Spread joy and peace. It happens through your words, your body language, and your touch. That darkness in your heart doesn’t stay there. It goes to everyone you meet. And you can’t hide it. It has to be released. If you don’t, those around you will pay a price. And like this podcast expressed, releasing those feelings can result in physical opening in your body as well as a spiritual awakening. But repressing those feelings can result in unfathomable pain in your body and mind. It can result in sickness and pain in your body. And it can totally take away your peace and joy.

Find peace my friends. Talk with me about it some day. I’d be happy to help you find your path.

Energy Transference Through Touch

When I go and touch my dogs, they always react. If I approach softly and gently, their skin quivers as my hand lightly touches only the hair first. When I start long gliding strokes, they yawn and wiggle their tails. When I scratch along the backbone, my one dog taps her back foot on that side like she’s doing the scratching. If I’m a little rougher and playful, they roll on their backs and kick and squirm. They are very in tune with the touch.

I get a multitude of reactions from people with Thai Yoga Massage. I make sure my first touch is gentle but always firm. I want to know that I’m there with confidence, but it is a safe place to be. When I adjust yogis in class, its the same thing. I am not going to hurt them or push them beyond their abilities. If anything, my hand is there for awareness. It lets them know I’m there, I care, and to encourage movement. The touch works miracles in people.

In Thai Yoga Massage, they call the touch giving Metta, or "loving kindness". It has roots in Buddhism but is not solely a Buddhist concept. The belief is that the giver can transfer kindness into a person through the touch. Before a session, I am going through a mindful meditation while I’m preparing the space. After communicating with a client, I do a short Wai, or Wai Kru, to breathe and cleanse my mind. Some traditional therapists actually have a more elaborate Wai Kru with singing or music and will quote an invocation or poem. Its a special time in a Thai session.

On the other hand, I also feel if a therapist has a lot of negativity, then that can also be transferred to a client. Its really a tough time all over the world with political unrest. People let politics take over their lives. They yell and scream and get down right nasty about their hatred of someone. But not only politics. They get angry at philosophies, like capitalism or socialism. They are very vocally against religious ideologies and outspoken people. It an unbridled hatred that can’t be contained in some people.

As a Christian, I have to be careful with how I react to this hatred. I can turn the other cheek and just let it go. I’ll mindfully pray for that person and hope that their hatred can find peace. I rarely go into re-training a person, though that is often what I should do. I should show love and grace. But I’m not perfect either. None of us are. Sometimes I am hurt by these things. I see someone post anti-Christian rhetoric on social media, and then I’m shocked when I see other friends jump on the hating bandwagon too. Would they say these same things to my face? How do they really feel about me? I’ve always been kind to them. I even consider them as friends. Do they say these things about Buddhist, Jewish, Islamic, Catholic, Mormon, Hindu, or other faiths? Do they even realize what they are saying?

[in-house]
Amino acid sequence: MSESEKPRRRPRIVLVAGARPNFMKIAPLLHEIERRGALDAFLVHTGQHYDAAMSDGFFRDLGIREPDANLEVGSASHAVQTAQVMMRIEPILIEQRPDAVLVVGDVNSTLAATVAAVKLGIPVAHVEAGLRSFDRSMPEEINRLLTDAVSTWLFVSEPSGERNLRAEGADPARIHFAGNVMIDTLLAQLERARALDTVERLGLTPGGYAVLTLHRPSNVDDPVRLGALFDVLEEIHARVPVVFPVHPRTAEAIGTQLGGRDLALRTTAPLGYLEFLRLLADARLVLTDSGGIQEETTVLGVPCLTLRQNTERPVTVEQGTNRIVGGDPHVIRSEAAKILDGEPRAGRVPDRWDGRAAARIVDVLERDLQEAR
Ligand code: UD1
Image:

I should try to help people understand my viewpoint. Its just scary when they are foaming at the mouth about their hatred of a religion or a President or some ideology. All I want to do in those cases is get away. I want to diffuse the situation so that I don’t escalate the hatred. So I do the chicken way out and unfollow them on social media. Sometimes its the safest way.

The unfortunate part of this is, what if that person is a yoga teacher, or an elementary school teacher? What if they say outrageous statements and then appear to emulate peace and harmony in a yoga class? Are they hypocrites or maybe just good actors? What if they are bodywork healers? Will they transfer their negative hatred onto their clients? I worry about that. When I entrust myself to a professional, I’m assuming I won’t be hurt and face negativity. But I’m wary about going to any business owner who doesn’t have my best interests in mind.

Its a difficult situation in business. Do you remain outspoken and stand by your values? Or do you temper what you say in polite society so as not to push away your clients. Hopefully, even if you feel strongly about something, you can do it in a positive way without slander and crawling in the mud. But when you fling mud, you really don’t know the innocent people it will hit. Its not an innocent thing. Some of us have strong views too, though we’re not as outspoken. There is often a silent majority out there. But we just walk away and wish you peace.